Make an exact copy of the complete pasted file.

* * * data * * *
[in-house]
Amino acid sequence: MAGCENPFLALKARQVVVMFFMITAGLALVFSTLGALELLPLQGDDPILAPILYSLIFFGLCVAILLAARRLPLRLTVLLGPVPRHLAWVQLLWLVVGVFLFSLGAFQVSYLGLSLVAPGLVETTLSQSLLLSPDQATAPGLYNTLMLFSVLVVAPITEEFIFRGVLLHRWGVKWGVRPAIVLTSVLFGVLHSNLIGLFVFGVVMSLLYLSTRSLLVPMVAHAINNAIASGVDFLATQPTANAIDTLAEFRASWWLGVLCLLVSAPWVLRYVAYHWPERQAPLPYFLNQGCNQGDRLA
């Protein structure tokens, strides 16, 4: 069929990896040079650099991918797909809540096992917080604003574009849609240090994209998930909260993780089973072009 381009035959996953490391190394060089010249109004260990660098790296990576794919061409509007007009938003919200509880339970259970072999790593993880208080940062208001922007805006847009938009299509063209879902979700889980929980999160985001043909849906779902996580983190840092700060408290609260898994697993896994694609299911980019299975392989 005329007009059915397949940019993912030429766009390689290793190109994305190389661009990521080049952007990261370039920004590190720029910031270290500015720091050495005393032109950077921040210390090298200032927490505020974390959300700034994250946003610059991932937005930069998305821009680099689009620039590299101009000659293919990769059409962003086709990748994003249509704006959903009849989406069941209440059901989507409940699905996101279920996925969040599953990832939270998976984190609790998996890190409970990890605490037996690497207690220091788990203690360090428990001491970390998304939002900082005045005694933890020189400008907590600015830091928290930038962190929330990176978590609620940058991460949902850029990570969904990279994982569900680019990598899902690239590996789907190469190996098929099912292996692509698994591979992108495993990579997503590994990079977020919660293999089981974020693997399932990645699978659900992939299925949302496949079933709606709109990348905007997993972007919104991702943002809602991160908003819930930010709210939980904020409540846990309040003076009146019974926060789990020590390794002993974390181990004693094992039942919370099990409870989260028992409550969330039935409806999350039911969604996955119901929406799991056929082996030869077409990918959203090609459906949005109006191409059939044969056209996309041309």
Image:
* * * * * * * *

[in-house]
Amino acid sequence: MAGCENPFLALKARQVVVMFFMITAGLALVFSTLGALELLPLQGDDPILAPILYSLIFFGLCVAILLAARRLPLRLTVLLGPVPRHLAWVQLLWLVVGVFLFSLGAFQVSYLGLSLVAPGLVETTLSQSLLLSPDQATAPGLYNTLMLFSVLVVAPITEEFIFRGVLLHRWGVKWGVRPAIVLTSVLFGVLHSNLIGLFVFGVVMSLLYLSTRSLLVPMVAHAINNAIASGVDFLATQPTANAIDTLAEFRASWWLGVLCLLVSAPWVLRYVAYHWPERQAPLPYFLNQGCNQGDRLA
């Protein structure tokens, strides 16, 4: 069929990896040079650099991918797909809540096992917080604003574009849609240090994209998930909260993780089973072009 381009035959996953490391190394060089010249109004260990660098790296990576794919061409509007007009938003919200509880339970259970072999790593993880208080940062208001922007805006847009938009299509063209879902979700889980929980999160985001043909849906779902996580983190840092700060408290609260898994697993896994694609299911980019299975392989 005329007009059915397949940019993912030429766009390689290793190109994305190389661009990521080049952007990261370039920004590190720029910031270290500015720091050495005393032109950077921040210390090298200032927490505020974390959300700034994250946003610059991932937005930069998305821009680099689009620039590299101009000659293919990769059409962003086709990748994003249509704006959903009849989406069941209440059901989507409940699905996101279920996925969040599953990832939270998976984190609790998996890190409970990890605490037996690497207690220091788990203690360090428990001491970390998304939002900082005045005694933890020189400008907590600015830091928290930038962190929330990176978590609620940058991460949902850029990570969904990279994982569900680019990598899902690239590996789907190469190996098929099912292996692509698994591979992108495993990579997503590994990079977020919660293999089981974020693997399932990645699978659900992939299925949302496949079933709606709109990348905007997993972007919104991702943002809602991160908003819930930010709210939980904020409540846990309040003076009146019974926060789990020590390794002993974390181990004693094992039942919370099990409870989260028992409550969330039935409806999350039911969604996955119901929406799991056929082996030869077409990918959203090609459906949005109006191409059939044969056209996309041309």
Image: